Just about a year ago, we heard from two exciting makers and YouTubers, Brad Thompson (Impact Props) and Eric Haddad (3DAeroventures), on how they were using 3DEXPERIENCE Works to grow their design-centric channels. They explained how they did this by using tools like SOLIDWORKS 3D CAD and 3D Sculptor (containing Sub-D capabilities) to design faster and more satisfyingly.
Back when I was a SOLIDWORKS user working on industry projects, I always used to wonder: “Hey, what happened to those cool people I saw on mainstage at World that one year?”
This blog is meant to give you an answer to that question about these two mainstage speakers. And yes, it’s also to appease my former self!
SOLIDWORKS Champion Brad Thompson is no stranger to making. He made his channel back in 2008 and originally launched his channel as a means to document the maker adventures of he and his friends back in college.
Since his days in college, he’s held engineering roles in industry. But the channel, as is the case with a lot of content creators, has remained active as a side endeavor apart from his day job. As Brad’s grown in his own career, his channel has taken many twists and turns as it continues to evolve in alignment with his interests. In fact, recently, he decided to make the jump to become a full-time creator!
Suffice to say: he’s all about doing new things. We saw this at 3DEXPERIENCE World last year, when he debuted this custom helmet designed using 3D Sculptor. As a SOLIDWORKS user in industry, he hadn’t come across a natural need to do Sub-D modeling at work. But for prop/helmet making? Natural fit!
Most recently, Brad’s taken an interest in a concept he calls ‘Make and Destroy.’ The concept is simple. He makes really beautiful helmets, props, etc. and then… goodbye. His beautiful creations are purposely destroyed.
And if it weren’t bad enough that he inevitably destroys the helmet (seriously – I still don’t completely get why he’s doing this), he looped another SOLIDWORKS Champion into it this time around. Brad does amazing finishing work and while he has done a lot of 3D CAD design himself, he brought in Kirby Downey (well known to those of you who read the Tech Blog!) to take part.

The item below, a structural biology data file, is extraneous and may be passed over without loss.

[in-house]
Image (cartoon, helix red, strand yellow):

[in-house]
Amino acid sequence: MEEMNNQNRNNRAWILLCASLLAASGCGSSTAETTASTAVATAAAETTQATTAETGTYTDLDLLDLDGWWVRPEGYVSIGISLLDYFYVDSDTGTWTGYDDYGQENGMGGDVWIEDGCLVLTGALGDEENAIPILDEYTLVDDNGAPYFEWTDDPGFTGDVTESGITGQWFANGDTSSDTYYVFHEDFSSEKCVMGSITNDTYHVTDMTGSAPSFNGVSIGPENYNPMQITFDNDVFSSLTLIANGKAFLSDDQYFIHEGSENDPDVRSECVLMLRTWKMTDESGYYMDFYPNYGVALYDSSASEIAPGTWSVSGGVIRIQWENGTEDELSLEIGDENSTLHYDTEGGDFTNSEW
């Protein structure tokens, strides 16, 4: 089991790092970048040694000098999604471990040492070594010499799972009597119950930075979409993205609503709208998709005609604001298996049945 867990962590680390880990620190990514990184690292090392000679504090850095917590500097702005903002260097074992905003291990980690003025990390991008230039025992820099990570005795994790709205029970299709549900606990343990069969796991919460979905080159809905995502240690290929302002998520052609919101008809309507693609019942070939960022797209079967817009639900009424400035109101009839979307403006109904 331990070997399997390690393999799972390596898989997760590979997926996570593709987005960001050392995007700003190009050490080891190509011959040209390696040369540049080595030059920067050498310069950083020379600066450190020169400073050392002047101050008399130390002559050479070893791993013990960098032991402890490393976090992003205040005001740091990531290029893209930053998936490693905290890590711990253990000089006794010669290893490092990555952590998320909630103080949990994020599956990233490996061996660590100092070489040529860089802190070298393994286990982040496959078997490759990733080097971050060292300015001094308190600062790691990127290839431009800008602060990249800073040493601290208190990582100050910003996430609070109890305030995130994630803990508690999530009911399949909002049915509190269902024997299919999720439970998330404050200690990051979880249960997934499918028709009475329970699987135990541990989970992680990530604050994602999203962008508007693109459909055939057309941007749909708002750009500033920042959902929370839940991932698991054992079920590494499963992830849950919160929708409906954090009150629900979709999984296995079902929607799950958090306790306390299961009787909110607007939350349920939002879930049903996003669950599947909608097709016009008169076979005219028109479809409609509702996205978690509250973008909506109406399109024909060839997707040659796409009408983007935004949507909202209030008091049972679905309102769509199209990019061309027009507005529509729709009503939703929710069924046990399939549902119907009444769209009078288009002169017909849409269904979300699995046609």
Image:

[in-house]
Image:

I definitely recommend giving this video a watch. It’s shot beautifully, and Brad and Kirby’s artistry is on full display. What a way to introduce the element of finality into a project.
Eric Haddad of 3DAeroventures took us on a trip during 3DEXPERIENCE World last year, where he introduced us to how he got into making model airplanes. Much like SOLIDWORKS Influencer Program member Mike Patey, Eric has found an outlet for his passion for flight.
He uses a series of design tools to get his planes designed just right. On certain projects, he uses SOLIDWORKS 3D CAD all the way through. On others, he uses both SOLIDWORKS 3D CAD and 3D Sculptor to get the right curvature on the wing tips (as an example).
Well, he’s back! To kick off this year, Eric’s released a couple new videos on his more recent projects. In his most recent video, what’s ‘old’ is new again, as he shows off some X100 Infinity Wing design upgrades which improve the plane’s structural integrity and overall aerodynamics, while adding a landing gear and rudder functionality. We also get to see a brand new lift off dolly that prevents the need to hand launch!
Hmm, perhaps Eric might want to test out the landing gear assembly under different loading conditions. Kind of like Mike did with 3DEXPERIENCE Works Simulation not too long ago?
Ehh, nevermind. Maybe if we decide to blow up (read: enlarge, not explode like Brad) the X100 and make it flyable by a human pilot! We’ll have to ask Eric if that’s in the cards.
Be sure to subscribe to both Brad’s and Eric’s channels to keep up with their latest design adventures. And if you would like to sign up for alerts on when you can use SOLIDWORKS and the 3DEXPERIENCE platform at a maker level just like these guys later this year, you can do so by clicking here!